I need to do something like this

$$ \begin{bmatrix} A \\ B \\ C \\ \end{bmatrix} \begin{bmatrix} x_1 & x_2 & \cdots & x_n \\ y_1 & y_2 & \cdots & y_n \\ z_1 & z_2 & \cdots & z_n \\ \end{bmatrix} = \begin{bmatrix} A x_1 & A x_2 & \cdots & A x_n \\ B y_1 & B y_2 & \cdots & B y_n \\ C z_1 & C z_2 & \cdots & C z_n \\ \end{bmatrix} $$

You get the idea.

I want to know if this operation already has a name, in order to see if my linear algebra library already supports it.

  • $\begingroup$ Take the "n" row vectors, multiply each one by $A,B,C,...$. You can quickly implement a looping operation for it. $\endgroup$ – Billy Rubina Oct 10 '16 at 0:14
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    $\begingroup$ Are the elements $A, B, C, x_1, x_2, \dots, y_1, y_2, \dots$ numbers or matrices/vectors? $\endgroup$ – JiK Oct 10 '16 at 9:39

Note that your RHS can be obtained by matrix multiplication: $$ \begin{bmatrix}A&0&0\\0&B&0\\0&0&C\end{bmatrix} \begin{bmatrix} x_1&x_2&\cdots&x_n\\ y_1&y_2&\cdots&y_n\\ z_1&z_2&\cdots&z_n \end{bmatrix}. $$ The left matrix is a block matrix (in fact a block diagonal matrix). Your linear algebra library will likely have a way to construct these from an array of smaller matrices, and then you can use matrix multiplication.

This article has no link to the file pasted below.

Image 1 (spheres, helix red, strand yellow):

• $\begingroup$ You're right, I'll try it this way. $\endgroup$ – almosnow Oct 10 '16 at 1:04
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    $\begingroup$ If done naively by actually constructing the diagonal matrix as a non-sparse matrix and then multiplying, this will increase the time requirement quite significantly. $\endgroup$ – JiK Oct 10 '16 at 9:40

For the sake of another answer, you might want to take a look at Hadamard product of matricies. Basically you are doing the Hadamard product for $[A,B,C]^T$ and each column of the second matrix.

[Added:] If you know MATLAB, you might want to take a look at the Element-wise multiplication.

  • $\begingroup$ $\begin{bmatrix}A&B\end{bmatrix}\begin{bmatrix}x\\y\end{bmatrix}=[Ax+By]$ is different from $\begin{bmatrix}Ax\\By\end{bmatrix}$. $\endgroup$ – stewbasic Oct 10 '16 at 0:16
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    $\begingroup$ @stewbasic: You are right! I have just edited my answer. $\endgroup$ – Jack Oct 10 '16 at 0:19
  • $\begingroup$ First time I've heard about that one. I always referred to it as element-wise multiplication. Are they the same thing? Or am I missing something else? $\endgroup$ – almosnow Oct 10 '16 at 0:24
  • $\begingroup$ @almosnow: Well, MATLAB calls it "Element-wise multiplication". $\endgroup$ – Jack Oct 10 '16 at 0:26

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